Joseph E. Stiglitz, a Nobel laureate in economics, has pioneered pathbreaking theories in the fields of economic information, taxation, development, trade, and technical change. As a policymaker, h Full profile
NEW YORK – Every year, millions of people die from preventable and treatable diseases, especially in poor countries. In many cases, lifesaving medicines can be cheaply mass-produced, but are sold at prices that block access to those who need them. And many die simply because there are no cures or vaccines, because so little of the world’s valuable research talent and limited resources is devoted to addressing the diseases of the poor.
This state of affairs represents a failure of economics and law that urgently needs to be corrected. The good news is that there are now opportunities for change, most promisingly through an international effort headed by the World Health Organization that would begin to fix the broken intellectual-property regime that is holding back the development and availability of cheap drugs.
Two main problems limit the availability of medicines today. One is that they are very costly; or, more accurately, the price charged for them is very high, though the cost of producing them is but a fraction of that amount. Second, drug development is geared toward maximizing profit, not social benefit, which skews efforts directed at the creation of medicines that are essential to human welfare. Because the poor have so little money to spend, drug companies, under current arrangements, have little incentive to do research on the diseases that afflict them.
It doesn’t have to be this way. Drug companies argue that high prices are necessary to fund research and development. But, in the United States, it is actually the government that finances most health-related research and development – directly, through public support (National Institutes of Health, National Science Foundation), and indirectly, through public purchases of medicine, both in the Medicare and Medicaid programs. Even the part that is not government-financed is not a conventional market; most individuals’ purchases of prescription medicines are covered by insurance.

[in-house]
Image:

Government finances health-care research because improved medicines are a public good. The resulting knowledge benefits everyone by stopping epidemics and limiting the economic and human toll of widespread illness. Efficiency requires sharing research as widely as possible as soon as it is available. Thomas Jefferson compared knowledge to candles: when one is used to light another, it does not diminish the light of the first. On the contrary, everything becomes brighter.
Yet, in America and most of the world, drug prices are still exorbitant and the spread of knowledge is tightly limited. That is because we have created a patent system that gives innovators a temporary monopoly over what they create, which encourages them to hoard their knowledge, lest they help a competitor.
While this system does provide incentives for certain kinds of research by making innovation profitable, it allows drug companies to drive up prices, and the incentives do not necessarily correspond to social returns. In the health-care sector, it may be more profitable to devote research to a “me-too” drug than to the development of a treatment that really makes a difference. The patent system may even have adverse effects on innovation, because, while the most important input into any research is prior ideas, the patent system encourages secrecy.
A solution to both high prices and misdirected research is to replace the current model with a government-supported prize fund. With a prize system, innovators are rewarded for new knowledge, but they do not retain a monopoly on its use. That way, the power of competitive markets can ensure that, once a drug is developed, it is made available at the lowest possible price – not at an inflated monopoly price.
Fortunately, some US lawmakers are taking a strong interest in this approach. The Prize Fund for HIV/AIDS Act, a congressional bill introduced by Senator Bernie Sanders, is just such an initiative. His bill also contains an important provision aimed at encouraging open-source research, which would move the current research model away from secrecy toward sharing.
But, globally, our innovation system needs much bigger changes. The WHO’s efforts to encourage broad reforms at the international level are crucial. This spring, the WHO released a report that recommends solutions similar to those proposed in the US Senate bill, but on a global level.
Importantly, the report, “Research and Development to Meet Health Needs in Developing Countries,” recommends a comprehensive approach, including mandatory funding contributions from governments for research on developing countries’ health needs; international coordination of health-care priorities and implementation; and a global observatory that would monitor where needs are greatest. In late May, the international community will have a chance to begin implementing these ideas at the WHO World Health Assembly – a moment of hope for public health around the world.
Reforming our innovation system is not just a matter of economics. It is, in many cases, a matter of life and death. It is therefore essential to de-link R&D incentives from drug prices, and to promote greater sharing of scientific knowledge.
For America, the Sanders bill marks important progress. For the world, the WHO’s recommendations represent a once-in-a-generation opportunity to remedy a long-standing and egregious inequity in health care, and, more broadly, to set a model for governance of global public goods befitting an era of globalization. We cannot afford to let this opportunity pass us by.